COLTON, Calif. — Stater Bros. Markets here has been experiencing slight sales gains — estimated at 2% or less — as a result of consumer anxiety over a possible work stoppage at other companies by the retail clerks, according to Jack Brown, chairman and chief executive officer.
Referring to the 141-day strike-lockout that occurred in late 2003 and early 2004, Brown said, “Last time, people weren't prepared, but even our own people have been filling their pantries a bit over the last several weeks with the products they like, and that's given us a slight gain in sales.”
One category in particular that has seen sales pick up is disposable diapers, “which people need to know they can get it when they need it,” he said.
Stater has been carrying a higher inventory level than normal, Brown added, “in case there is a strike, because we know [from three years ago] what kind of immediate rise in business that will create.”
Even without any disruptions in normal shopping patterns, Brown said Stater anticipates sales will pick up during the current quarter, after the company concentrated on boosting gross margin and operating cash flow during the second quarter ended March 25.
Net income benefited from the gross margin increases, soaring 227.7% to $13.5 million for the 13-week quarter and 147.7% to $23.4 million for the half, while sales rose 0.3% to $866.1 million in the quarter — which had one less sales day than the prior year because of how Christmas Day fell — and 2.3% to $1.8 billion for the year to date.
Comparable-store sales, adjusted for $12.1 million of sales on Christmas Day, rose 1.5% for the quarter and also for the six-month period.
Gross profit margin as a percentage of sales was 28.8% for the quarter, compared with 26.92% a year earlier, and 27.75% for the year to date, compared with 26.53% a year ago. The company declined to disclose earnings before interest, taxes, depreciation and amortization.
“We said we would concentrate on gross margin and EBITDA,” Brown noted, “and it was the right business plan for the quarter, though we knew it would slow sales increases slightly.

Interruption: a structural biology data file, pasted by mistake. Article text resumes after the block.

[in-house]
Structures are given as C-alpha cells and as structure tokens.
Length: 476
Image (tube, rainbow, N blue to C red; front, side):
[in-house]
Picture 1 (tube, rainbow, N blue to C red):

“This quarter, we're looking at pumping sales more while trying to hold on to the margin pickup.”
Phil Smith, executive vice president, finance, and chief financial officer and chief accounting officer, said Stater achieved margin gains because of decreased pricing pressure from competitors, more selectivity in promotional pricing, better controls over shrink and the buying ability of Topco.
In response to a question, Smith said he believes a gross margin exceeding 27% is sustainable, “because price competition has slacked off, though the market is still in flux; we can control in-store pricing; and the rebates we get from Topco contributed about 0.2% to the total.”
According to Brown, Topco's buying power is $90 billion, “so there are no deals Topco can't handle. And with competitors passing on increases in the cost of goods, so are we.”
Regardless of what the competition does, he added, Stater plans to maintain the historical price spread between itself and the next highest-price chain.
Brown said a slowdown in housing growth in the San Bernardino-Riverside area, in which Stater operates most of its 162 stores, has not affected sales. However, the closing of six or seven Albertsons stores in the area has benefited sales by about $25,000 to $30,000 a week at some Stater locations, he noted.
Brown said the company's new corporate offices in San Bernadino will open in September, though it will not begin shipping product from its new distribution facility there until February.
Brown said Stater has elected Ronald G. Skipper, a local attorney, to fill the board seat vacated by the death earlier this year of Dale Warman.
|Sales||$866.1 million||$863.8 million|
|Net Income||$13.5 million||$6.2 million|
|Sales||$1.8 billion||$1.8 billion|
|Net Income||$23.4 million||$9.5 million|